It’s not that I’m obsessed with full moons, but they do provide the opportunity for planning something out of the ordinary, for instance our ‘Blue Moon Walk’ (ref. Explore ! August 2015) and ‘Night on a Bare Mountain’ (Sept. 2020) A “blue moon” is the second full moon in a calendar month, and occurs reasonably infrequently ; the next one will not be until August 30th 2023, and so hence the expression “once in a blue moon.”
We thought to spend the night of the most recent Blue Moon, on October 311st last year, at the Kallergi Refuge, high above the Omalos plateau and overlooking the Samaria Gorge. And to reach it not by the path/track from Xyloscala, but by a recently waymarked route beginning from Omalos village, a climb of 630m to the Refuge at 1,680m. Christoforos, the warden at Kallergi, advised us, when we booked the room, that the climb would take maybe four hours and that route-finding would be easier in ascent than descent.
After lunch at Exari Hotel, and leaving the car there, we set off, heavy rucksacks containing sufficient items for two days in high mountains. A sign – ‘Kallergi Refuge via Koukoule 4h’ – confirmed the route, and a rocky path headed off uphill …. and then more, and even more uphill!
It was relentless ; when not steep, and it often was, the trail skirted around deep “sink holes”, and occasionally easy rock ‘scrambling’ was necessary. A couple of times we lost, but soon regained the waymarking.
From the summit of Koukoule, 1631m, Kallergi was in sight, and we walked into the refuge after 3.5 hrs immensely pleased with ourselves. To quote Holmes :
“ To be seventy years young is sometimes far more hopeful than to be forty years old. ”
Since I first stayed at Kallergi in 1997, little has changed ; simple sleeping accommodation, a log fire in the main room, power by generator (which goes off at 10pm, bedtime), meals available – a substantial dinner (meat/vegetarian) and a more than adequate breakfast.
Stunning views both from inside, and from the terrace, to Pachnes and other high White Mountains peaks, and over the Samaria Gorge to Gingilos and Volakias. And a spectacular Blue Moon, although it was far too cold to be outside and appreciate it for too long ….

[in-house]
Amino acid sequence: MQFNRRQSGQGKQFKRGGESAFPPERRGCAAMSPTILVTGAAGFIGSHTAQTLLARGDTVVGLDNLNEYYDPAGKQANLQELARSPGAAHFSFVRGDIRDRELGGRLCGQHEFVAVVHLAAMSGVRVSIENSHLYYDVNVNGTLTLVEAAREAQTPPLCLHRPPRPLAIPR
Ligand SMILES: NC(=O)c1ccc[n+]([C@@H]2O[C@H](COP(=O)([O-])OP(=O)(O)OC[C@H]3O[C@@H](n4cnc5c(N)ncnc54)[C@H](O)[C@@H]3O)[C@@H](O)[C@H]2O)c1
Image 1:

Next morning, with a mixed forecast, dry and clear but clouds later, we thought to climb Melindaou, 2133m ( just 2ft short of 7,000 ft), by the shepherds’ road east, then steeply to join the ridge from Psari and Mavri.
Frustratingly, the track loses nearly 200m from Kallergi to the saddle at Poria, then regains height to where the path, with E4 waymarking and poles, branches off right. Flocks of sheep we passed would soon be taken down to over-winter on
After our exertions the previous day, this was hard going, and it took a further hour to reach the saddle, at 1900m, between Mavri and Melindaou. There was still a steep climb of 233m to the summit, and clouds were rolling in ominously above the Samaria Gorge, far below us.
Calculating that it would take a minimum of 2.5 hrs to reach the summit and back, and a similar time to return to Kallergi, a decision was quickly made: a mountain lesson I learned many years ago was knowing when to turn back.
Arriving back at Kallergi in the late afternoon, we re-energised with large mugs of ‘malatiro’ – tea with mountain herbs and honey. Then, our ‘expedition’ over, we meandered down the long and winding (but easy) vehicle road to Omalos, and back to Exari, where we stayed an extra night with old friends, enjoying – as always – home-cooking with local produce, a warm fire, and traditional Cretan hospitality.
A final thought from one of my favourite travel writers, Dervla Murphy :
“ 21st century humans need to escape at intervals from an alien world. We need
to be close to, and always respectful of the physical realities of the planet we live on. We need to receive its pure silences and attend to its winds – not all the time, but often enough …..”